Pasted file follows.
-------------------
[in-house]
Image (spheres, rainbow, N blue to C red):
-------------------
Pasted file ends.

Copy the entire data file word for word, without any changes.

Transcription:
[in-house]
Image (spheres, rainbow, N blue to C red):